Biden condemns US gun violence as an ‘international embarrassment’ as he announces new actions – live
- President outlines steps he will take to end gun violence
- Actions include regulations on ‘ghost guns’ and pistols
- Manchin says ‘no circumstance’ where he would vote to end filibuster
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– Joan E Greve and Maanvi Singh
Six days before a man shot and killed 10 people, he legally purchased the military-style firearm he used for the crime. The incident – one of three recent mass shootings – yet again renewed a public debate about banning assault weapons in the US and seems like a potential example of a shooting in which an assault weapon ban might have been effective in reducing the death toll of the attack. But would it?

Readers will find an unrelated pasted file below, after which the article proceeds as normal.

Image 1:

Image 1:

When firearms are recovered by law enforcement because of their use or suspected use in a crime, the weapons are recorded in a database along with the date of their first retail sale. The amount of time between those two events is known as the “time to crime” and is published by the US Bureau of Alcohol, Tobacco, Firearms and Explosives (ATF). While the suspect involved in the Boulder shooting waited just six days, the national average time to crime is 8.3 years, according to 2019 statistics from the ATF.